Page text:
Opposition Montserrado County senatorial candidate Abraham Darius Dillon has expressed thanks to the both sides of the political divide, the ruling establishment and the opposition in recognition of non – violent campaign activities so far, unlike the pre – campaign time violent incidents that were reported here.
“And I want to thank all sides; we want to thank all sides,” Dillon said in reference to the peaceful campaign activities here during a live radio appearance Thursday, 3 December.
“Oh the campaign is very good,” Dillon says, recalling that initially the political strategy was to disrupt places that he visited so as to scare away his supporters so that his support base cannot be seen.
His comment came Thursday ahead of the opposition Collaborating Political Parties (CPP’s) campaign launch which is expected this weekend for the combined senatorial election and national referendum due on Tuesday, 8 December.
Ahead of the National Elections Commission (NEC) declaring campaign open for the senatorial election, much of the year has been politically tough as political violence was continuously reported.
Many had thought the campaign would have been worse, but at least not much has been reported of violence now like it was between the supporters of the CPP and the ruling party ahead of the actual campaign time.
Despite the peaceful nature of the campaign acknowledged by Dillon, what seems to keep many Liberians worried could apparently be the post election atmosphere that seems unpredictable, especially judging from how the opposition and the ruling Coalition for Democratic Change (CDC) supporters are eagerly fighting to win Montserrado County at all cost.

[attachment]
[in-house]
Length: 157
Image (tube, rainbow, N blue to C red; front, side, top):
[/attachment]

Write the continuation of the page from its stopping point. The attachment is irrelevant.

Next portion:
As an incumbent and opposition candidate ,prior to the campaign period faced some attacks, one of which led him to issue a marching order to his supporters in mid September to return stones at President George MannehWeah’s convoy or his residence anytime stones were thrown at him (Dillon) at his rallies.
“One rock thrown at me going forward, rocks will be thrown at George Weah’s convoy. If he is scared to leave his house, we will throw stones at his house, I Darius Dillon say so,” Dillon said in September following an attack against him at St. Paul Bridge Community.
In his live talk show at OK FM Thursday, 3 December, Mr. Dillon indicated that his people were resolved in supporting him, noting that he has to be the courageous general to lead his army into the campaign.
Speaking of inclusiveness in governance, Dillon suggests that if the impression is given that those in the ruling party and those in the opposition are not supposed to take each other’s advice, it becomes a problem that would stall the development of the country.
He argues that inclusive government is not necessarily to employ opposition in government, but creating the space and expanding the economy so as to give those who may not want government jobs the free hand to do their business in the private sector.
By Winston W. Parley